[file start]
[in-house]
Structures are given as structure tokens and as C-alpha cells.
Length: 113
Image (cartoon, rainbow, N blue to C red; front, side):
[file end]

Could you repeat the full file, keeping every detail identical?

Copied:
[in-house]
Structures are given as structure tokens and as C-alpha cells.
Length: 113
Image (cartoon, rainbow, N blue to C red; front, side):